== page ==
I have found that I like this sound much better than a instrument measured flat response.
    A ruler flat measured response sound just that... FLAT.
     
  17. Vince Maskeeper

    Vince Maskeeper Producer

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    I feel as though I may have been misunderstood on this issue, given the above statement, so I'm hoping to clarify:

    1) I really have nothing against the concept of a "house curve". I think it's a dandy idea. I also have nothing against EQing a system to create even response- in fact it's been a big thing I've suggested since I first popped up here a few years back. Coming from pro sound environment- EQing is a daily part of what I do, and have always carried a lot of those ideas into the hobbiest HT realm.

    2) I am not suggesting that because a recording engineer prepared a masters, everything will always sound great. What I was suggesting was that some of the basic characters of human hearing will be built into the master as a result, so we don't need to completely re-tune the system to cut/boost what humans hear/don't hear.

    An example being- if, let's say, all humans had a spike in hearing perception at 800hz. A flat tone, because of our perception would sound like a giant honk at 800hz. If this was true, chances are that not many instruments would contain excessive amounts of 800hz, because we would not find it pleasing. In turn, not many recordings would contain 800hz, because the engineer who prepared them would find it as displeasing as everyone else.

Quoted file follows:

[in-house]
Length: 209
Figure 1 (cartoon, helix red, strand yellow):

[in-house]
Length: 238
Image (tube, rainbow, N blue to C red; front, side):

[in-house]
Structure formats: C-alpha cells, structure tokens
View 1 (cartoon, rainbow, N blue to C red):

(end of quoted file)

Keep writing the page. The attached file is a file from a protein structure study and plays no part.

You can see this type of thing in most recordings. Most roll off heavily around 14k, because we don't find this excessive high end pleasing. There is no real need to dial all the 14k+ freq out of your system, because an average recording would already be naturally absent of much of that material.

    I'm not really sure what these responses are actually disagreeing with-- so I must have been unclear in my initial post. All I said above was that most recordings, because they're produced by humans, will have a basic compensation for human hearing built in. I did not and would not suggest that you aren't free to season your own system to your liking or that you will like all the material an engineer will produce- however I simply responded to the original query about the need for retooling speakers to compensate for the human hearing curve.